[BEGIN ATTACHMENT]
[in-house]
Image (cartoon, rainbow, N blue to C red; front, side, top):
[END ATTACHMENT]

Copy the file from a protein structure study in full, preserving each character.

[in-house]
Image (cartoon, rainbow, N blue to C red; front, side, top):